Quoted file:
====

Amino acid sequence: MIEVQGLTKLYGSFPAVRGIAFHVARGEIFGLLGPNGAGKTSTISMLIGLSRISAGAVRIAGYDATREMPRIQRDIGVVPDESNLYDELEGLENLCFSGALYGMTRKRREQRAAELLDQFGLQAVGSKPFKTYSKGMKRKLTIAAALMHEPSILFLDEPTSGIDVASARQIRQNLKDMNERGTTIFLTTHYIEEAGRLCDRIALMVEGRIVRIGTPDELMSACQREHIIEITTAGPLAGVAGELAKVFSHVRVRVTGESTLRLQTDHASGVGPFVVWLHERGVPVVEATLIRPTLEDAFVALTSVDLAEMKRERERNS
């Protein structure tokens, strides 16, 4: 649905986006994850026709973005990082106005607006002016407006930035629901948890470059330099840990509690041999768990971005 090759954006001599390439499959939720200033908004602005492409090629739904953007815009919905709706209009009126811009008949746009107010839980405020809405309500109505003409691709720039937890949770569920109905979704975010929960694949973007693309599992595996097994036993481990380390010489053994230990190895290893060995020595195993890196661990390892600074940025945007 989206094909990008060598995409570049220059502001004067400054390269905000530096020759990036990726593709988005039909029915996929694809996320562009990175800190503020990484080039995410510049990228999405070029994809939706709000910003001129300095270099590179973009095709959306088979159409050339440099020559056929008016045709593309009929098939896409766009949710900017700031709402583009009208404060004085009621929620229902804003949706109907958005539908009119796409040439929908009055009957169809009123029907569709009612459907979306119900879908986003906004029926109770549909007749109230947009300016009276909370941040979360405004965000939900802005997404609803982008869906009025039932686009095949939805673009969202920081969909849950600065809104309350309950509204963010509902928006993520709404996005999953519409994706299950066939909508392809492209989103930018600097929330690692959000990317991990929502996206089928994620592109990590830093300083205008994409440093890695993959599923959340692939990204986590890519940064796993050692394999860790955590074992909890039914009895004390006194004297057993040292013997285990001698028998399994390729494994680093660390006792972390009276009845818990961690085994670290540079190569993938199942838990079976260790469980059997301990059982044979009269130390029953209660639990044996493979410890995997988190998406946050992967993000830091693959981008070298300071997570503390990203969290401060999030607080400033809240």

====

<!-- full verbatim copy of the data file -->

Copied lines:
Amino acid sequence: MIEVQGLTKLYGSFPAVRGIAFHVARGEIFGLLGPNGAGKTSTISMLIGLSRISAGAVRIAGYDATREMPRIQRDIGVVPDESNLYDELEGLENLCFSGALYGMTRKRREQRAAELLDQFGLQAVGSKPFKTYSKGMKRKLTIAAALMHEPSILFLDEPTSGIDVASARQIRQNLKDMNERGTTIFLTTHYIEEAGRLCDRIALMVEGRIVRIGTPDELMSACQREHIIEITTAGPLAGVAGELAKVFSHVRVRVTGESTLRLQTDHASGVGPFVVWLHERGVPVVEATLIRPTLEDAFVALTSVDLAEMKRERERNS
């Protein structure tokens, strides 16, 4: 649905986006994850026709973005990082106005607006002016407006930035629901948890470059330099840990509690041999768990971005 090759954006001599390439499959939720200033908004602005492409090629739904953007815009919905709706209009009126811009008949746009107010839980405020809405309500109505003409691709720039937890949770569920109905979704975010929960694949973007693309599992595996097994036993481990380390010489053994230990190895290893060995020595195993890196661990390892600074940025945007 989206094909990008060598995409570049220059502001004067400054390269905000530096020759990036990726593709988005039909029915996929694809996320562009990175800190503020990484080039995410510049990228999405070029994809939706709000910003001129300095270099590179973009095709959306088979159409050339440099020559056929008016045709593309009929098939896409766009949710900017700031709402583009009208404060004085009621929620229902804003949706109907958005539908009119796409040439929908009055009957169809009123029907569709009612459907979306119900879908986003906004029926109770549909007749109230947009300016009276909370941040979360405004965000939900802005997404609803982008869906009025039932686009095949939805673009969202920081969909849950600065809104309350309950509204963010509902928006993520709404996005999953519409994706299950066939909508392809492209989103930018600097929330690692959000990317991990929502996206089928994620592109990590830093300083205008994409440093890695993959599923959340692939990204986590890519940064796993050692394999860790955590074992909890039914009895004390006194004297057993040292013997285990001698028998399994390729494994680093660390006792972390009276009845818990961690085994670290540079190569993938199942838990079976260790469980059997301990059982044979009269130390029953209660639990044996493979410890995997988190998406946050992967993000830091693959981008070298300071997570503390990203969290401060999030607080400033809240």